I had the honor of being a part of the 2019 Pura Belpré Selection Committee. This past June, we had the chance to celebrate the authors and illustrators for their amazing wins.
Named after Pura Belpré, the first Puerto Rican librarian at the New York Public Library, the Pura Belpré Award is annually presented to a Latino/Latina/Latinx writer and illustrator that best encompasses and shares the Latino cultural experience for children and youth in literature.
The room was filled with family, friends, librarians, educators, and community members who all gathered together to hear these marvelous Latinx voices. The afternoon began with David Bowels who shared his family’s migration story and urged us to come together to celebrate immigration and not condemn it. He described his life on the border and how individuals from there welcome anyone who crosses.
Elizabeth Acevedo moved the audience to tears with the first spoken word piece she wrote as a fifteen-year-old. Paying tribute to her mother, she described that the type of fairytales she grew up hearing was her mother’s coming of age stories in the Dominican Republic. She reminds us of the importance of having representation from a young age.
Leo Espinosa described his own realization and understanding with this book and the importance of having diversity in books. He explains that he had families and children relate to Lola, the main character in the book, because of her hair and dark skin. Espinosa found his own self in Lola’s story and sees Bogotá, Colombia as his own “Island.”
Jose Ramirez paid tribute to Los Angeles and his students at LAUSD. Through his illustrations and his work on his book, Ramirez portrayed Carlos Santana and the connection he has with Latinos. He stated, “Latinos can rock too.” Ending his speech, he dedicated his work to his newly migrated students by saying their names.
Yuyi Morales took the audience on a journey by describing how Monarch butterflies migrate and the route they take to demonstrate their bravery and strength, similar to immigrants themselves. She shared her own experiences traveling to El Salvador to continue to see the power of literacy and libraries. To conclude the celebration, we had performances by youth from Salsa with Silvia, located in Washington D.C.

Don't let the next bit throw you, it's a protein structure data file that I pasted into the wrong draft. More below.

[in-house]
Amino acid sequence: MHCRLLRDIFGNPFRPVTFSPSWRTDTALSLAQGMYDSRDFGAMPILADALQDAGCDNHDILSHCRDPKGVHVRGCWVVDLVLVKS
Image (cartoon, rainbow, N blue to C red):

Overall, the Celebración was magical and moved the audience to tears and laughter. The authors and illustrators continue to remind us of the importance of diversity in literary and the work we need to continue to do.
This year’s winners were announced at the beginning of this year.
Raised in New York to Dominican immigrants, New York Best Selling author Elizabeth Acevedo received the 2019 Pura Belpre Author Award for her novel The Poet X. Acevedo’s debut novel centers around the coming of age of Xiomara Bautista, a 15-year old Afro-Latina who turns to poetry as a way to survive her family dynamics and mother’s overtly religious self.
The 2019 Illustrator Pura Belpré Award was given to Mexican author, illustrator, and artist Yuyi Morales’ Dreamers. Morales beautifully and consciously illustrates the profound story of an immigrant mother and her child moving to a whole new country feeling lost and disempowered. Through the use of mixed media, Morales captures the fear, discomfort both mother and son face until they gain their voice once again through libraries.
2019 Pura Belpré Award Winners and Honor Books
The Poet X is a coming of age novel about Xiomara, a 15-year-old Afro-Latina who is struggling with her family dynamics and beliefs, especially her mother. As she tries to navigate becoming a woman in a community and society that continue to sexualize her body, Xiomara learns to use poetry and spoken word as a way to empower herself.
Dreamers rejoices the stories of immigrants and what they bring with them when they leave their homes. This empowering picture book celebrates, family, language, literacy, and libraries. It’s a reminder of both the beauty of migration and the fear of the unknown by brave individuals who do it.
Twelve-year-old and Mexican-American Güero is beginning seventh grade. As he learns to navigate what it means to grow up on both sides of the U.S. and Mexico border, speak both English and Spanish, he turns to poetry to understand himself. Trusting in his family's traditions, music, and his friends, he faces seventh grade. Life is tough for a border kid, but Güero has figured out how to cope.
When Lola’s teacher asks her class to draw a picture of their family’s immigration story, Lola is faced with anxiousness because she does not remember anything about The Island. She turns to her family and friends to remember what The Island means to them and learns to understand that one does not have to remember for a place to still be a part of you.
Focused on the life of Carlos Santana, When Angels Sing: The Story of Rock Legend Carlos Santana celebrates the musical journey of Santana from an early age. This picture book portrays Santana’s exploration with different instruments until he felt he could “make the angels sing.”